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3 smart ways to utilize identity to spur your clients to change

By Mark Tyrrell

"You've got to want to change!" That's what they say about psychotherapy. And it seems to be true. But it's also true that a 'cunning' (I use the word advisedly), skilled therapist can help generate and build that motivation in clients who may not - yet -really want to change.

Here's a true story. Some years ago the staff of a retirement home by the sea called on me to help one of their residents. This woman, in her eighties, had suffered a fall some six weeks previously while using her Zimmer frame. Miraculously, the fall hadn't injured her, and she was perfectly physically able to walk with her frame. But she wouldn't. In spite of all the encouragement of the staff, she just refused to move about independently.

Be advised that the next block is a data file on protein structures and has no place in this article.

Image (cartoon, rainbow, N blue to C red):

Of course, the longer she didn't use those leg muscles, the more risk there was that she wouldn't be able to. With muscle, as with many things, if you don't use it, you lose it.

"Margaret's developed a sort of phobia of using her frame, and insists on being pushed about in a wheelchair, even though she could perfectly well use her frame!" her nurse informed me, exasperation oozing out of her like juice from a squeezed apple. "But the trouble is, she doesn't want to walk for herself. She's lost her confidence, but she doesn't want it back!"

Dancing with the stars

I was shown into Margaret's room and found her sitting in an armchair. I was graciously received in the style of a bygone era. Of course we both knew why I was there, but neither of us mentioned the 'Zimmer phobia'. The metal walking frame stood upright on its four rubber feet in the corner. It made me think of a bizarre angular idol, mocking us mere mortals.